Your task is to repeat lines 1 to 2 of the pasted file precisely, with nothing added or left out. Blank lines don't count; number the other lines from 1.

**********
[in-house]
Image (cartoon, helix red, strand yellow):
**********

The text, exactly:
[in-house]
Image (cartoon, helix red, strand yellow):